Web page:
“I don’t even recall how many I had,” Locane admitted to Entertainment Weekly.

In 2012, Locane was found guilty of second-degree vehicular homicide and assault by an auto. She was immediately remanded to jail.

“The worst night of my life was when I had to tell the kids that their mother wasn’t coming home,” recalled her ex-husband Mark Bovenizer. He called it quits with Locane in 2015.

However, the controversy wasn’t over. Judge Robert B. Reed sentenced Locane to three years in prison, making her eligible for parole after two and a half years. He cited Locane’s two young children, with one of them diagnosed with Crohn’s disease, as the reason for his leniency. The news outraged Seeman.

“I went into county jail right after I was found guilty,” said Locane. “Most people get bailed out and go home and be with their family, but I decided the sooner I got in, the sooner I would get out.”

She was released from prison on June 12, 2015. The case is currently being appealed a second time in the Appellate Division of New Jersey Superior Court.

“While it has been a long ordeal for the Seeman family, they remain resolute in seeing Ms. Locane and any other responsible parties brought to justice,” said Raymond Silverman, the lead trial attorney in the civil suit.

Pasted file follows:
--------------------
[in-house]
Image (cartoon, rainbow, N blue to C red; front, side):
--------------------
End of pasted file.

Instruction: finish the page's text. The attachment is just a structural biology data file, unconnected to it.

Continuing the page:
In the meantime, Locane is adjusting to her new life without cameras. She sees her daughters every week, attends AA meetings, and makes occasional appearances at schools arranged by the organization Steered Straight. Despite her efforts, Locane is not expecting anyone to feel sorry for her.

“I’m not minimizing what I did,” she said. “That’s why I talk to high schoolers. It’s not as simple as don’t drink and drive.”

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Burned by a fruit?

Here’s one more reason why you should prep for your outdoor party in advance: Handling certain citrus fruits outside in the sun—say, if you’re squeezing limes for margaritas or lemons on your grilled fish—can put you at risk of serious burns.

That’s what Adam Levy, a 52-year-old from Minnesota, learned firsthand after he was preparing for his daughter’s graduation party by squeezing limes. Hours later, his hand broke out in a two-inch blister and swelled to four times its normal size, and he began to feel dizzy and nauseous, he told the Daily Mail.